In March of 1786, Horace Walpole indulged himself in a bit of social gossip, in a letter to Sir Horace Mann. ‘Lord and Lady Spencer are arrived’, reports Walpole,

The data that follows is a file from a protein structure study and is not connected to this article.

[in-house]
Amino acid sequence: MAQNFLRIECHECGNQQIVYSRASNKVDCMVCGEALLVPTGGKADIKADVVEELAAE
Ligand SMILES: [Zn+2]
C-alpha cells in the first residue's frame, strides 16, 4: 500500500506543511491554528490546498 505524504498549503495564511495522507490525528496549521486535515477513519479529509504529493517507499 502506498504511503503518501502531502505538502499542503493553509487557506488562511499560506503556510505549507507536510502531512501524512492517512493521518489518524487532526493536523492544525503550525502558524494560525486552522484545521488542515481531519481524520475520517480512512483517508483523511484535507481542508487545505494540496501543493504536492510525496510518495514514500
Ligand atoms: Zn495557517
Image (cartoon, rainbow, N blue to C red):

and now I suppose the adventures of a certain Lady and her cousin Vernon, which I have kept profoundly secret, will be public. I have lately received a letter from the Lady from Petersburg – luckily, she gave me no direction to her, no more than from Venice; so, if necessary, I shall plead that I did not know whether I must direct next to Grand Cairo, or Constantinople. Petersburg I think a very congenial asylum; the Sovereign has already fostered the Ducal Countess of Bristol – for in the family of Hervey, double dignities couple with facility. Formerly our outlaws used to concentrate at Boulogne, they are now spread over the face of the earth. Mr Vernon’s cousin tells me she has been also at Warsaw; that she showed the King [Stanislas II] a letter of mine, who put it into his pocket, translated it into French (though returning the original) and would send it to his sister the Princess Czartoriski at Vienna – so I may see it in the Utrecht Gazettee! – I know not what it contained – however, I comfort myself that I have never dealt with my heroine but in compliments or good advice – but this comes of corresponding with strolling Roxanas.3